Mr. Graziano family has been in the funeral business for generations. When his grandparents moved to Lower Manhattan from Italy about a century ago, they opened a funeral home on the corner of Mulberry and Hester Streets. When they died, Mr. Graziano's father took over the business and raised his four sons in three rooms above the funeral home.

Mr. Graziano got his first job as a licensed funeral director at Shomrei Hadas, a Jewish funeral home in the Borough Park section of Brooklyn. The state required any funeral home to. have at least one undertaker's license, which involved taking an embalmment class. But Jewish laws consider embalmment a mutilation of the body and forbid Jews to perform it. So Shomrei Hadas used Mr. Graziano's license to keep its door open. The owner of the funeral home, Rabbi David Grinerman, took an interest in Mr. Graziano and he soon became versed in the details of a Jewish funeral.

When Rabbi Grinerman and other Brooklyn rabbis discovered seven years ago that there was no independent Jewish funeral home in Westchester, they "pushed and cajoled" Mr. Graziano into establishing one, he said. By then, he already owned a funeral home on Boston Post Road, and when a house next door became available, he bought and expanded it, and one of the Brooklyn rabbis named it Zion Memorial Chapel. In the family tradition, Mr. Graziano's daughter, Jennifer Graziano, has helped her father to run the business.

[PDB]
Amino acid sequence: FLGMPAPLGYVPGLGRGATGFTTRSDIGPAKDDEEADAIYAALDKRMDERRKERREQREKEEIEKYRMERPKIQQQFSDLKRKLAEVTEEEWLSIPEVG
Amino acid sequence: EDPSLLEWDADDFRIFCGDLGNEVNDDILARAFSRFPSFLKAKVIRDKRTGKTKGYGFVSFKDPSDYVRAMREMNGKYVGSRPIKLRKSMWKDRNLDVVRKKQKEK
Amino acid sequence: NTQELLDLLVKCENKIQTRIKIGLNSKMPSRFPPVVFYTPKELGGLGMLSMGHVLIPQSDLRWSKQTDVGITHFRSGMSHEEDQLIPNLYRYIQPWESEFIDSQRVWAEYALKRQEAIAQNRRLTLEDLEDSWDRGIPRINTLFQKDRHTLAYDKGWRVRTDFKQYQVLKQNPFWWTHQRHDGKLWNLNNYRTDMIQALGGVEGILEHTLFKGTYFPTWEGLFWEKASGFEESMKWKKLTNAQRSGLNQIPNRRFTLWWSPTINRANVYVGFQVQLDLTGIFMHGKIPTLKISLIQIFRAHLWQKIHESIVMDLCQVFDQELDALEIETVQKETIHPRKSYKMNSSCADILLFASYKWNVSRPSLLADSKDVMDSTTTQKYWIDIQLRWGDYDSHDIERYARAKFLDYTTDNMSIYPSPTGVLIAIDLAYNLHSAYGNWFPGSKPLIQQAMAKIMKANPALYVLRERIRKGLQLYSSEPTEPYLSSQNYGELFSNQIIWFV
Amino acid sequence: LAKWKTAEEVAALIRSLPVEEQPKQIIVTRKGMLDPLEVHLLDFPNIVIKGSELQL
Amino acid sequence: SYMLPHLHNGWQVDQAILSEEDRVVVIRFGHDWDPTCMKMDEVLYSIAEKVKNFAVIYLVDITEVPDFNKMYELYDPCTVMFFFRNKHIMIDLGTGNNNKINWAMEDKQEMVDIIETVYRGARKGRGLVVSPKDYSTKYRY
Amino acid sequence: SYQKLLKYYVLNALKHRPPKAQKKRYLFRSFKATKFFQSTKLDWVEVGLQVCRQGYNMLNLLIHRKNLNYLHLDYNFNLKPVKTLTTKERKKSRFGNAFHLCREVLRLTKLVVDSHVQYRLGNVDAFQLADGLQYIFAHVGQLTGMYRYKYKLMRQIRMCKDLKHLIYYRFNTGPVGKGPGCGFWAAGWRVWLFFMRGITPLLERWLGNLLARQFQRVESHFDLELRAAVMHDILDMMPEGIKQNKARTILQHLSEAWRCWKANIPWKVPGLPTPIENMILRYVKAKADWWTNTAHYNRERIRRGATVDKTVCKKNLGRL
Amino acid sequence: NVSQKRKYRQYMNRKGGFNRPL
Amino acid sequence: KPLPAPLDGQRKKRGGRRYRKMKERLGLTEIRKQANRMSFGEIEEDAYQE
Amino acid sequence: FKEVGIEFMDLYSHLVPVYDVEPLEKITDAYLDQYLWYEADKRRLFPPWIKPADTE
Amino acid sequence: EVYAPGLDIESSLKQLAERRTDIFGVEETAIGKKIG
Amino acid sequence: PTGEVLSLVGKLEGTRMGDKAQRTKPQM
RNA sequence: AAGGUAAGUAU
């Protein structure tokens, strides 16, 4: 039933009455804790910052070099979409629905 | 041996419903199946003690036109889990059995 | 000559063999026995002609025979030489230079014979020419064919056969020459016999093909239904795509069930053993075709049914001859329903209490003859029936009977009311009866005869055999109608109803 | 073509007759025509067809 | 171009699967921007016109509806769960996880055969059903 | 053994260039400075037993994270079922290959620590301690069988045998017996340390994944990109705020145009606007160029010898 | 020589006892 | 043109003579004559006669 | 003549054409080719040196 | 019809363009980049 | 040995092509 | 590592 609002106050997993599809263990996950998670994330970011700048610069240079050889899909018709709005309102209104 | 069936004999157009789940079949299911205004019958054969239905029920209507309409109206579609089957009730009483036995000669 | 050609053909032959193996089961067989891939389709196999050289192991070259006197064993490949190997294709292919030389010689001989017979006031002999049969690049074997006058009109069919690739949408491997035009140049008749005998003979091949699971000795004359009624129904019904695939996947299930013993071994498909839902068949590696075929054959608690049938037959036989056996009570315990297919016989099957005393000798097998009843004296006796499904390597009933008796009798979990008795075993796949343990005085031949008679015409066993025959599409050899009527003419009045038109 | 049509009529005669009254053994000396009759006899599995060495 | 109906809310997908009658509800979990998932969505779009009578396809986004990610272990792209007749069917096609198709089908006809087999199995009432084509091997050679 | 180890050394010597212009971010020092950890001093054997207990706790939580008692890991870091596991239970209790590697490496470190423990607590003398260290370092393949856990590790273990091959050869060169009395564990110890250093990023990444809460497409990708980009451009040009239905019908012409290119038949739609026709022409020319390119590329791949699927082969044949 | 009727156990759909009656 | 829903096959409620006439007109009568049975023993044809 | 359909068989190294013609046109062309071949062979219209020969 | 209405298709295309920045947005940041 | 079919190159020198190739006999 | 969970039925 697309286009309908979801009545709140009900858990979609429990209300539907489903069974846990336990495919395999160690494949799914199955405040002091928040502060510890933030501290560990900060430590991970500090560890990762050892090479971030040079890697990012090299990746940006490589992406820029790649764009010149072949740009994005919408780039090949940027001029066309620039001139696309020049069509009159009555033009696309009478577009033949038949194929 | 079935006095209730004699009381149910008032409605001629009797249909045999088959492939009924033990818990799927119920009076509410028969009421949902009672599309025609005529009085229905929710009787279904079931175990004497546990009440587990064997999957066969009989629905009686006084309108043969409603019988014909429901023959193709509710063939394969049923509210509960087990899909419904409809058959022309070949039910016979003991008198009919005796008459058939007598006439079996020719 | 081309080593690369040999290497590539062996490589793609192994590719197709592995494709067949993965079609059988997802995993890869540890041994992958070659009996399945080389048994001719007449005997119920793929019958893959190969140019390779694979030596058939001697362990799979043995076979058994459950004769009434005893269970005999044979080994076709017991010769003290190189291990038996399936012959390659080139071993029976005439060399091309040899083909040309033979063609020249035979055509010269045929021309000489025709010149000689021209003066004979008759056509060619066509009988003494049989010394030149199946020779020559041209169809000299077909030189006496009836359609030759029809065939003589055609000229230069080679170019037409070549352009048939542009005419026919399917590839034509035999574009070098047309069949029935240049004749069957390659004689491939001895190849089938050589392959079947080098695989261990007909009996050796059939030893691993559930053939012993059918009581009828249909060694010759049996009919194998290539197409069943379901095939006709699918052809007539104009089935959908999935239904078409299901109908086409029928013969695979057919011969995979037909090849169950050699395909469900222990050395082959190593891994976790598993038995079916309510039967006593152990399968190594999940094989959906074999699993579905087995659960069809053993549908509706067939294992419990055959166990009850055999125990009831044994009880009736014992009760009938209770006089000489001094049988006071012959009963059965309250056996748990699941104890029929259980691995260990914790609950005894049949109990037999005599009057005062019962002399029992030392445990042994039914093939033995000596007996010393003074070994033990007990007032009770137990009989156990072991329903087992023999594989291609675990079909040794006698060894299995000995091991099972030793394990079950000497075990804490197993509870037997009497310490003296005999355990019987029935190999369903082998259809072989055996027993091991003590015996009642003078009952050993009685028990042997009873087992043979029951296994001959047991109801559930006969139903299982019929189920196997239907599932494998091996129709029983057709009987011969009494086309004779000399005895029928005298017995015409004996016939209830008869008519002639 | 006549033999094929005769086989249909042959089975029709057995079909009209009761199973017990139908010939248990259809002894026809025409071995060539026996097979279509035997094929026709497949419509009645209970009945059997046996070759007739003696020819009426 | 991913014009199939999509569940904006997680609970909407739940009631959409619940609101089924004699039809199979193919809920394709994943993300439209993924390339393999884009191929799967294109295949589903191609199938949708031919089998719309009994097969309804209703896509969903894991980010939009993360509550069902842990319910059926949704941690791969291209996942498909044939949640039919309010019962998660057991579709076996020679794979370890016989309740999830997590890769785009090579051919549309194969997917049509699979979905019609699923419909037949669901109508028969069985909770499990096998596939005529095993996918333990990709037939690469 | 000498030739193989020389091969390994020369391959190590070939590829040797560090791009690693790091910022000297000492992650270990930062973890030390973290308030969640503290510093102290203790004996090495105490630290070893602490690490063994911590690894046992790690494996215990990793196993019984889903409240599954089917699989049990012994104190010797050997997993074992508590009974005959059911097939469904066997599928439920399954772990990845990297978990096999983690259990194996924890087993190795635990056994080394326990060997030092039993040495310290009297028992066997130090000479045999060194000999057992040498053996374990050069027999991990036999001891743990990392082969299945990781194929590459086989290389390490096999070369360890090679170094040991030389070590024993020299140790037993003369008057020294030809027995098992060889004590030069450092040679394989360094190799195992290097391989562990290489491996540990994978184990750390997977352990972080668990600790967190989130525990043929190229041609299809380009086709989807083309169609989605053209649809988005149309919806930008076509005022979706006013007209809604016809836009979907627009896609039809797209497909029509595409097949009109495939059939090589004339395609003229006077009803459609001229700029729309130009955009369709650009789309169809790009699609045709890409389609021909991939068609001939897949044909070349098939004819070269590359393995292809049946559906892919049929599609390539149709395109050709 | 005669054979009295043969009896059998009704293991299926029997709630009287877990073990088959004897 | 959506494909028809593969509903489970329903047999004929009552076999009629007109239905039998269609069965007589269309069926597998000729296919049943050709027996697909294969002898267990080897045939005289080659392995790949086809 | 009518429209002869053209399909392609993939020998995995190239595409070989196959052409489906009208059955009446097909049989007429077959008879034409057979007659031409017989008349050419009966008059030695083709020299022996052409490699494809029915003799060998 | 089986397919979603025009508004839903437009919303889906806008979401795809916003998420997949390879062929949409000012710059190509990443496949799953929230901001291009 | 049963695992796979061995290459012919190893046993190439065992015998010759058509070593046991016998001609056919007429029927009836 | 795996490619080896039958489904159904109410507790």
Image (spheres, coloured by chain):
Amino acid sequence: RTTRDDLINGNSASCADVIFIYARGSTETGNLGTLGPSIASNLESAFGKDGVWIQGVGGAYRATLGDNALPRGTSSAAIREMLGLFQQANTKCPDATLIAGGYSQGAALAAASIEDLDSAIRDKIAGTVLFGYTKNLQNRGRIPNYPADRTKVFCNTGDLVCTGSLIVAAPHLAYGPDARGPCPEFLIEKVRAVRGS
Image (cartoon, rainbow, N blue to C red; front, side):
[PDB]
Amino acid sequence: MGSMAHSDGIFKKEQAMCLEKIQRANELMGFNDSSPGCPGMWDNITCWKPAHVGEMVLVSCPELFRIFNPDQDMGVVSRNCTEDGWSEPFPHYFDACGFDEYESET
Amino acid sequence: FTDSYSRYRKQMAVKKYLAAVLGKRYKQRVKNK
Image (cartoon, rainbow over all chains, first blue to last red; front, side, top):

Mr. Graziano has not publicized his Little Italy upbringing much or his Brooklyn training in the business. But he soon won over many rabbis in Westchester. They said they liked the way he and his staff conducted business. Among his fans are Rabbis Jeffrey Segelman and Sandy Bogin of Mamaroneck, Rabbis Michael Cahana and Melvin Sirner of New Rochelle and Rabbi Robert Rothman of Rye Brook.

Zion Memorial employees help grieving relatives in and out of cars, take bottled water to cemeteries in warm months for mourners to drink, mark the cars in the funeral processions with flags so traffic won't interrupt them and never leave mourners grieving by themselves at the cemetery.

For Mr. Graziano, there is nothing Jewish or Italian about getting these little things right.

“People are not that different,” he said “They all grieve. It doesn’t matter whether the dead wears a shroud and is in a pine Casket or wears a suit and is in a copper casket. We are all the same.”